Video altered in effort to make Biden appear confused
CLAIM: Video shows President-elect Joe Biden confused as he stops to pick up his notebook before leaving the stage after a news conference on Saturday.
AP’S ASSESSMENT: False. The video was altered. It zooms in on Biden to exclude other people from the shot, including Vice President-elect Kamala Harris, and the audio was removed, making it unclear why Biden paused when he got the notebook. A review of the entire video with sound shows he stopped because reporters were asking questions as he was leaving.
THE FACTS: The video was taken at a news conference where Biden and Harris introduced a slate of scientific advisers to lead efforts to tackle the coronavirus pandemic. The altered video, shared on social media with comments saying it showed Biden confused, had 1.7 million views by late Sunday morning.
The video was shared across Twitter and Facebook. Twitter labeled the video “manipulated media” on Sunday.
Rudy Giuliani, President Donald Trump’s personal attorney, retweeted the altered video early Sunday, saying “this is not a joke.”
“We are so screwed,” said the tweet with the altered video that Giuliani retweeted. “He has no idea where or who he is sometimes.”
Donald Trump Jr., the president’s son, also shared the edited video on Sunday with the comment, “Yikes. If he was a Republican the 25th amendment talk would be trending and rightfully so.”
In the full-length video, Biden speaks up after Harris’ remarks to again express his excitement for his new science team.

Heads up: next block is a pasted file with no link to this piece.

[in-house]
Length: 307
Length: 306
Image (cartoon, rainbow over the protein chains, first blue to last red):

“I am going to say one more thing,” Biden says, adding that he wasn’t supposed to speak again.
“You can tell this is real,” he says. “We are both really excited about this because there is so much we can do.”
Biden ends by saying he had gone beyond the comments he was supposed to make.
In the altered clip, the audio stops after Biden says he has said more than planned. He then turns to leave and stops to pick up a notebook, gazing out into the distance before walking off stage. In the full-length footage, journalists can be heard calling out questions as he looks out into the room.
This is part of The Associated Press’ ongoing effort to fact-check misinformation that is shared widely online, including work with Facebook to identify and reduce the circulation of false stories on the platform.
Here’s more information on Facebook’s fact-checking program: https://www.facebook.com/help/1952307158131536